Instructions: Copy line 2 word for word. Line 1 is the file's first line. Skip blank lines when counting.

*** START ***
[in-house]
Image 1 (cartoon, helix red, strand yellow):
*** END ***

Image 1 (cartoon, helix red, strand yellow):